Do We Really Need This Type Of Structure In Our Lives?
As it applies to our daily lives, the word ‘structure’ normally has a positive connotation. Merriam-Webster’s defines the word as a “coherent form or organization.” In a world that seems increasingly chaotic every day, it would be desirable then to have more coherency and organization. When it comes to planning our finances, structured notes and structured variable annuities (SVAs) are two examples of securities where investors can either make money – or lose it. This binary outcome isn’t helpful to the lives of buyers who need a clear plan any more than one would bank on a coin toss. The purpose of this article is to lightly touch on both types of products and to explain why we believe fixed index annuities (FIAs) are superior for bringing about structure than products with this word actually in their name.
The U.S. Securities and Exchange Commission (SEC) has published an investor bulletin on structured notes. Structured notes are debt securities with a fixed maturity, combining a bond component with an embedded derivative component. The bond component is an unsecured debt obligation of the investment bank issuing the note. The derivative portion is a link to a market index. For example, if this market index moves significantly lower, the holder of the structured note would incur a loss without a principal protection feature. This principal protection feature is only as useful as the soundness of the issuing investment bank.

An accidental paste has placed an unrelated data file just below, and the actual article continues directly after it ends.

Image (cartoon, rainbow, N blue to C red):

Consider this extreme but actual example. According to a white paper from the Securities Litigation and Consulting Group, on August 1, 2008, Lehman Brothers issued “100% Principal Protected Notes Linked to the S&P 500 Index” with a maturity of August 6, 2011. On August 1, 2008, the S&P 500 closed at 1,260.31. Three years later at the bond’s maturity, the S&P 500 closed slightly lower at 1,199.38. Since the underlying index level closed slightly lower at maturity than at the bond’s issuance, and again because these types of bonds pay no interest in the interim, an investor would have at best received their original investment back without any adjustment for inflation. That is if the issuing investment bank was still solvent by the time the bond matured. In this case, Lehman Brothers filed for bankruptcy on September 15, 2008, and were already trading for pennies on the dollar by November of that year.
Since the annual global issuance of structured notes is currently $25 billion, according to Bloomberg estimates, this cautionary tale is clearly the exception and not the rule. However, the potential for loss is baked into the design. Besides the market risk and credit risk described earlier, there are liquidity risks (i.e., no real secondary market exists for these bonds once purchased) as well as call risk (the issuing investment bank could call these bonds away from the investor at the bank’s discretion.) There’s also what we might characterize as asymmetric information risk wherein a broker utilizes this complexity to act against the clients’ best interests.